Joomla, like most PHP applications relies heavily upon MySQL for data storage and retrieval. In the search for performance, most people start by looking at the queries that are performed and tweaking them along with indexes. While that is by all means a good place to start, it’s too tempting to stop there. If you have a dedicated server (or a VPS), you have the opportunity to tweak MySQL to perform better under YOUR load (by tweaking it to your load).
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Before you get started
The very first thing to do is a full server backup. Be especially sure to backup MySQL databases and my.cnf. The first thing that you need to do is figure out how much RAM you have to use. Now, by this, I don’t mean how much RAM is installed in your server. I mean how much is free. Obviously, the more you have, the better chance you’ll have more free (but it’s not always the case… I have a server with 2gb of RAM that has 2 megs free…). The easiest way to see this, is to run the simple command “free -m”… That’ll display a bunch of useful information. The one we are interested in is in the 2nd line (starts with “Mem:”) , and 4th column (the “free” column). That’ll show you how many megs of RAM you have free. Write this number down (it’ll be important later). Next, you’ll want to run the following command “
top -d 1 -n 2 -u mysql
” (replace mysql with the user MySQL is running under). Now, look at the column “VIRT” to see how much memory MySQL is currently using… Add that to the free memory from before, and that’s what you have to work with… Check on these values from time to time. The last thing you want to do is force something into swap.
Check out your my.cnf file
IMPORTANT, BACKUP my.cnf NOW, before you change ANYTHING. You can find your my.cnf (on linux) in the /etc directory. Before we can tweak anything, we need to know what we’re starting with. Here’s the default. Yours may look different, but it’s the starting point.
Notice how there are no variables with numbers next to them (if you have some, that’s fine, just delete them so that it looks similar to this. Don’t delete anything about connections, timeouts, or open_files_limit). Now, remember that memory number? Here’s where we are going to use it. Add the following directives to the my.cnf under the [mysqld] heading (substituting the % of memory from before where you see a %).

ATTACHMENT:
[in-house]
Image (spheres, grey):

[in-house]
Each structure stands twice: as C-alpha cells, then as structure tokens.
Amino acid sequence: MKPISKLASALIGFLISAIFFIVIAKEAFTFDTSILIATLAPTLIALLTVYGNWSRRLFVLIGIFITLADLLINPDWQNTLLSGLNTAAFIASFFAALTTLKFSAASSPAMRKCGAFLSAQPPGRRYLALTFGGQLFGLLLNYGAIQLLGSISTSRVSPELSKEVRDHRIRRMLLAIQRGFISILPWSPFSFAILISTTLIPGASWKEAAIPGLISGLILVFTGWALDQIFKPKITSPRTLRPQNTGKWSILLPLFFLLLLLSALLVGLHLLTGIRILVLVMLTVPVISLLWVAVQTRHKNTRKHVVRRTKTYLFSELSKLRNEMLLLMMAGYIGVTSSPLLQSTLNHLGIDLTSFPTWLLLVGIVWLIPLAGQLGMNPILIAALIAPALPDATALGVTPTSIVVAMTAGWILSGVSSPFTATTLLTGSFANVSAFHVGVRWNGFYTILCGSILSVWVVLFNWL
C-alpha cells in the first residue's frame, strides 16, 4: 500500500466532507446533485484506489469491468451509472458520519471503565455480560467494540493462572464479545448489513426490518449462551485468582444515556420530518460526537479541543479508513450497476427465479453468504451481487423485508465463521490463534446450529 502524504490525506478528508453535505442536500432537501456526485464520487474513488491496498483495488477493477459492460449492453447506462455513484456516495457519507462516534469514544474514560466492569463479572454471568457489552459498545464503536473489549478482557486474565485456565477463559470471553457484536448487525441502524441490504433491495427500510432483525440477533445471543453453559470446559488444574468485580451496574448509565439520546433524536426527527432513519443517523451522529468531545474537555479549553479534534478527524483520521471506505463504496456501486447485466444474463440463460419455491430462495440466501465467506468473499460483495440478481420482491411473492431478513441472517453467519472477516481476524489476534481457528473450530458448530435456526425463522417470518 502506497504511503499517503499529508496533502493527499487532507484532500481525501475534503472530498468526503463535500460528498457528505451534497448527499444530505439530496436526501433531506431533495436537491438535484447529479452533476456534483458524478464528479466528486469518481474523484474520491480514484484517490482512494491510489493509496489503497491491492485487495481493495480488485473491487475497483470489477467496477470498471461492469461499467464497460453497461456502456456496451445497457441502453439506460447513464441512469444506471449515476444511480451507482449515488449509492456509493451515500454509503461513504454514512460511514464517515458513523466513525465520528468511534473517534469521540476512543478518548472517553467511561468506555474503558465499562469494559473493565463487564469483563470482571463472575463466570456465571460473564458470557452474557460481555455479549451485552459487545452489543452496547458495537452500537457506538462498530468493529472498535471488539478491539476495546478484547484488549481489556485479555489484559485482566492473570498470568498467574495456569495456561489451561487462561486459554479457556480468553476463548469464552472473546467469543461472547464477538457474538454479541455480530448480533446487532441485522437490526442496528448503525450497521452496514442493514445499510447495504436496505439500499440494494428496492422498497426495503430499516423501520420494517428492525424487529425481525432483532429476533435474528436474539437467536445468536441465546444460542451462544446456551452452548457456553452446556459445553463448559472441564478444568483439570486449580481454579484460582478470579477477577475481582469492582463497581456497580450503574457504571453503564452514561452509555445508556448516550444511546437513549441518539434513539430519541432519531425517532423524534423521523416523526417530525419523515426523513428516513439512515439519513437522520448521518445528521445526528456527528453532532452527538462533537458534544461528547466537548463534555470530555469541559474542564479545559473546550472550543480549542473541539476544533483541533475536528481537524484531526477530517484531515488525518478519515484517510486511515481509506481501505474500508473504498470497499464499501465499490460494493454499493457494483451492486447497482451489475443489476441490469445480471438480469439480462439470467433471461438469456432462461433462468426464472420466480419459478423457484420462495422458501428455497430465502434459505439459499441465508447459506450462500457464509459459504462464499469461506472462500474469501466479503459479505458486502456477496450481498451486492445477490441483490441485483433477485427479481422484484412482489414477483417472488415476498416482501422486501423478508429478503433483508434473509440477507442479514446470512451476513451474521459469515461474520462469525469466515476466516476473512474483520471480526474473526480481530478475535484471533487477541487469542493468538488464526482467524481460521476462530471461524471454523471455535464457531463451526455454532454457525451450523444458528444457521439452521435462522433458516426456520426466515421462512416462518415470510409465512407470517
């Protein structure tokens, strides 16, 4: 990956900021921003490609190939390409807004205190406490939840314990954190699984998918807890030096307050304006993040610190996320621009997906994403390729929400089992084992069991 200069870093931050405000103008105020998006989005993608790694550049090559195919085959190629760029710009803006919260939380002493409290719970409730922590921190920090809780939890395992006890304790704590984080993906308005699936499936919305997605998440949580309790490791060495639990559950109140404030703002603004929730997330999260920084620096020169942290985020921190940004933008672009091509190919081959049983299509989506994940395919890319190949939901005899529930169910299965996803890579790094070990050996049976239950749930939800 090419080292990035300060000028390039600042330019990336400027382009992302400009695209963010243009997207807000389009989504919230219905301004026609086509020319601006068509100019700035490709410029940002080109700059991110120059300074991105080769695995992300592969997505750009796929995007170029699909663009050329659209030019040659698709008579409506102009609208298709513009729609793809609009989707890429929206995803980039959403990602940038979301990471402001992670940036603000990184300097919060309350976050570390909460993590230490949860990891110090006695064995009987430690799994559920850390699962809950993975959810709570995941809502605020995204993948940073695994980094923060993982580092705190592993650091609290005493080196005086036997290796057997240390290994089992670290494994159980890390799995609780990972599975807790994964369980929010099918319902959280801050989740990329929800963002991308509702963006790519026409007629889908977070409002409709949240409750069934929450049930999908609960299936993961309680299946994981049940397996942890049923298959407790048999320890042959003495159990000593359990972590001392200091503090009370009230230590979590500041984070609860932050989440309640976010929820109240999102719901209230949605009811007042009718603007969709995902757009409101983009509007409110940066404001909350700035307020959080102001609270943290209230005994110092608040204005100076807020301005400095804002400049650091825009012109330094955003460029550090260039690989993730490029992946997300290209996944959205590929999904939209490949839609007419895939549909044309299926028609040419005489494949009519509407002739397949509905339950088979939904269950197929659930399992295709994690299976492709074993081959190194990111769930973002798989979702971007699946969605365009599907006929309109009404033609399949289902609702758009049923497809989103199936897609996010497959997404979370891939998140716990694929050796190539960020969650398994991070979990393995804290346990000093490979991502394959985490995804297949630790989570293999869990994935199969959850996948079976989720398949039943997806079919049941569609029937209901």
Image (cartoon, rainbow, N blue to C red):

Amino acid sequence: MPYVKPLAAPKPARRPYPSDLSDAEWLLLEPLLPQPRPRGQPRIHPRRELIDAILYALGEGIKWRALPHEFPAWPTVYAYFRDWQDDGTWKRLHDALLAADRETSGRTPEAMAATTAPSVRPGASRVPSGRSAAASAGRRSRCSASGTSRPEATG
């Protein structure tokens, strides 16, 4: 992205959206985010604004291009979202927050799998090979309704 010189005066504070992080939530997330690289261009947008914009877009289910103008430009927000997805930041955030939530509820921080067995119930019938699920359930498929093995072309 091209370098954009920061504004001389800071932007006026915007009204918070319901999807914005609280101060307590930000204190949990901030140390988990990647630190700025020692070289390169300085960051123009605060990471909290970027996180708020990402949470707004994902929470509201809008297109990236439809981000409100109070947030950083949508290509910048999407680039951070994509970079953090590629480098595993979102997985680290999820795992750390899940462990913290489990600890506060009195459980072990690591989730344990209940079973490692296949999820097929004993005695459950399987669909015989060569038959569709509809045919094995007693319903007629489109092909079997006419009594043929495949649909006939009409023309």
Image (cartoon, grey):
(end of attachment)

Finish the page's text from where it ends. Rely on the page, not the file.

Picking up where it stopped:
Key_buffer = 25%
Join_buffer = 4M
Tmp_table_size=10% (or 32M, whichever is greater)
Notice how we’re only using 86% of the free memory plus about 10 megs. This is important as we don’t want to use up too much memory. Now, restart MySQL to get a baseline and let it run for a few days under normal traffic conditions (or if you are on a development server, simulate EXPECTED traffic conditions). Also, make sure to grab the running memory usage and free memory again after it has been running on the new setup.
Here’s the fun part.
Now that we have some real life data, let’s figure out what we need to tweak. Open up your phpMyAdmin installation in your browser. Right on the front page is the most valuable link (but most people never even realize it’s there), “Show MySQL runtime information”. Click on that link. Now, the page it takes you to is loaded with all sorts of information. Before I go further into determining what we need to do, let me quickly run down this page (depending on your version of phpMyAdmin). The first “block” is the server traffic. It details how many queries have been sent to the server (and connections). The next block is query statistics. It basically lists the number of each type of query. After that block, comes the really stuff we are interested in. From here out, there are 3 columns (Variable, Value, and Description). Notice that all bad variable values will have the value in red. This is important for later.
How to determine what needs tweaking.
Since we are dealing with server settings here, we’re going to ignore the following variables (that deal with query efficiency): slow_queries, all the handler_ variables, and the select_ variables. Lets start with the Key Cache. Scroll down to the section about “Key Cache”. You want Key_reads to be MUCH smaller (about 1000 times smaller) than Key_read_requests. If it isn’t, that means that you need to increase the key buffer. Start by increasing the key_buffer by about 25%, and see how that works. You can tell if your key buffer is too big by comparing the key_blocks_unused with the key_blocks_used. You’ll want some free space (about 10% free should do). Remember, don’t make it too big or you risk swapping. Don’t restart MySQL yet… There are a few more areas we need to look at.
The next big area is Tables. Compare the Open_tables and the Opened_tables variable. As long as they are close, you’re fine. If opened_tables is much bigger than open_tables (say 10 times as big), then you’ll need to adjust the table_cache variable. Remember we want to go up in increments, so only increase the size by 25%. After this, let’s look at Query Cache. Take a look at Qcache_free_memory. You want this number to be fairly high (at least a few megs). You also want the Qcache_lowmem_prunes to be 0 if possible. If it’s not 0, increase the query_cache_size. The last thing you want to check is created_tmp_files. If this is not small, increase tmp_table_size.
Check it again
Now, restart the server. Let it run for a few days (checking with free –m to make sure we’re not using too much memory), and go through the cycle again. Once you have everything listed here sitting nice (where you don’t need to adjust any of the variables), you’re done! You’ll want to do this from time to time as your server load changes and DB changes. You should notice a VAST difference (from a stock install) in MySQL performance.
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